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TC Neuhs
10/22/07
Physics 11
E. Sabancilar
Lab #3: Work and Energy
Introduction and Theory:
The purpose of this lab was to establish and compare the relationship between work and energy
in three different situations.
One being work done by a constant force, another being work done
to stretch a spring and another being work done to accelerate a cart.
By using force and motion
sensors we can find the force and distance traveled by an object.
By graphing them and finding
the area under the curve we find the work done because
W = f ∙ x
W =
x1x2f dx
Where W is word done, f is a force and x is the distance.
We can then compare the work that we
have found to energy using the work energy theorem
W = ∆E
W = ∆E
k
+ ∆U
∆E
k
=
(

)
12m v22 v12
Where ∆E is the change in kinetic energy and ∆U in the change in potential energy.
In words
whenever work is done there is an increase in either potential or kinetic energy.
After looking at
the equations we can look into the relationships between work and energy by using our sensors
and the three different scenarios.
Data and Performance:
See attached data sheet for raw data.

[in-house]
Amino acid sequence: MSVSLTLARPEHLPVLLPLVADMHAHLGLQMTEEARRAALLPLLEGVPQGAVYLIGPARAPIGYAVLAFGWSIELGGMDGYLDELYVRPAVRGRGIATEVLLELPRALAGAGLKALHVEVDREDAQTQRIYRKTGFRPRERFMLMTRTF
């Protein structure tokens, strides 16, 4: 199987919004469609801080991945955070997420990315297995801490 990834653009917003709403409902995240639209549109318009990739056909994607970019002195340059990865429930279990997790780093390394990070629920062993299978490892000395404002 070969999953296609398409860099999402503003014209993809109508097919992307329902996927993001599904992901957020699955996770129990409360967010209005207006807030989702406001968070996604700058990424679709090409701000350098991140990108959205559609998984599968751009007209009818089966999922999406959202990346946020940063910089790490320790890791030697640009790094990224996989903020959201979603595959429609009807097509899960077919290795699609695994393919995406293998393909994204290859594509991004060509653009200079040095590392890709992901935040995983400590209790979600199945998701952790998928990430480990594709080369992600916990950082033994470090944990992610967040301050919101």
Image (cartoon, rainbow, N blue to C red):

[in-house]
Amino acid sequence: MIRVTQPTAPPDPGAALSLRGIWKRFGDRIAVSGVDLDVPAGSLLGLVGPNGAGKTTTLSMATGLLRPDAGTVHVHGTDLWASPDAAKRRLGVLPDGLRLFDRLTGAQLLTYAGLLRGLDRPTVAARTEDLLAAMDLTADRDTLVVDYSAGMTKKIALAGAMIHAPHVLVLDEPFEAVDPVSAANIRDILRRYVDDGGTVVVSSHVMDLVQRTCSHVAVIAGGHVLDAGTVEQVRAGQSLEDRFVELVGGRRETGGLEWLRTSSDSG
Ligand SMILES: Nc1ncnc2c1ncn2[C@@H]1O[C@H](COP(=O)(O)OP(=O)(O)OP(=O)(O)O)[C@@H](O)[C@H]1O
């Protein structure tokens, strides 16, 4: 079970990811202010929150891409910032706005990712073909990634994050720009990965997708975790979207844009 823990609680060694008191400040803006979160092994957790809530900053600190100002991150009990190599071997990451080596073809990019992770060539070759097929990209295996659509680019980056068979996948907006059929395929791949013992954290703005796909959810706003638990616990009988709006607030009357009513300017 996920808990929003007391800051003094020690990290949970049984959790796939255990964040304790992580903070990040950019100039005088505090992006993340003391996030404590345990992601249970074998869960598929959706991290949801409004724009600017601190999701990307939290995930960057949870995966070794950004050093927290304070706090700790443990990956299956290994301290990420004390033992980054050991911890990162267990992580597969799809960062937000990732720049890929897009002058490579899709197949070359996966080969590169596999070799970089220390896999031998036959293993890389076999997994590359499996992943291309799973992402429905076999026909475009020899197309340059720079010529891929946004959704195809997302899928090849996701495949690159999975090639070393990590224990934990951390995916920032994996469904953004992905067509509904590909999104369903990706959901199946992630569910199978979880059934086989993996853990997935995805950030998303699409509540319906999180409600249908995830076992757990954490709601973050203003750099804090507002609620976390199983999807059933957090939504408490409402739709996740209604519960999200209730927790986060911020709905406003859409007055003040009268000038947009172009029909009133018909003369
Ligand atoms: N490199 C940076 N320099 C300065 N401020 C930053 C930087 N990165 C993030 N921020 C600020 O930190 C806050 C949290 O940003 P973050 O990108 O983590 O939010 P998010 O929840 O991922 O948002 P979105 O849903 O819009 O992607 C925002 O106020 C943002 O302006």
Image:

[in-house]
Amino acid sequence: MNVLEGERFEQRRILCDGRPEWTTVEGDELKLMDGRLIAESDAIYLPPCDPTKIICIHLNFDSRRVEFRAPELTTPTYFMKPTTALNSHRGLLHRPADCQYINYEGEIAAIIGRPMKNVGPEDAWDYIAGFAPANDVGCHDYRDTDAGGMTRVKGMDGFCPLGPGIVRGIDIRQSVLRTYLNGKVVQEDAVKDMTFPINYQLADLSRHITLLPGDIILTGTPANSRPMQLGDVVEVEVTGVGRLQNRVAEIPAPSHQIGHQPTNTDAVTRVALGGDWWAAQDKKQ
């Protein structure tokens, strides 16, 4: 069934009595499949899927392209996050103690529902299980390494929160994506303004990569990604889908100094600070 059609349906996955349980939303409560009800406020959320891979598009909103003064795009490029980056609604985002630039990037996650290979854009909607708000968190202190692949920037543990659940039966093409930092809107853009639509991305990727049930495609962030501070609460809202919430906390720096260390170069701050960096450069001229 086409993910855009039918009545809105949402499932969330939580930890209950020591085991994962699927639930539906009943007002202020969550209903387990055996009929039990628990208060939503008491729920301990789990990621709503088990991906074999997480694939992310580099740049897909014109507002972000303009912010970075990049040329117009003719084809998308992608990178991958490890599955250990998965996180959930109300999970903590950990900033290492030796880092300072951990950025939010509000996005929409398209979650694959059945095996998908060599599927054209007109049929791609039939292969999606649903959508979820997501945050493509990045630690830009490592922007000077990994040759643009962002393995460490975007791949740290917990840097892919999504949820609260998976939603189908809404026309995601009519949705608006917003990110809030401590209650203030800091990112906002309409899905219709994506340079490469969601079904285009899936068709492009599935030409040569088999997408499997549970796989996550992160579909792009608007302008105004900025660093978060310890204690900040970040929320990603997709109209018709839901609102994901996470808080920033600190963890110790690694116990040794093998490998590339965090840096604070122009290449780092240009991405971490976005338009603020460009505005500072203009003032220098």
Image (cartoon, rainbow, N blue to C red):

There is not too much data needed to complete this lab.
In part one we lifted a .199kg mass by a
constant force approximately .5 meters and then found the integral of the force versus position
graph.
In part two we stretched a spring until it reached what appeared to be its maximum
extension.
Then, using the force versus position graph found the slope, which is the spring
constant (k), and the integral of the curve.
In part three we pushed a cart along a path measuring
the initial applied force, final velocity and the integral of the force versus position graph.
In each
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View Full Document of the three scenarios the integral of the force versus position graphs is the work done in that
scenario.
Analysis:
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This note was uploaded on 03/27/2008 for the course PHY Physics 11 taught by Professor Gallager during the Spring '08 term at Tufts.
 Spring '08
 Gallager
 Physics, Energy, Work

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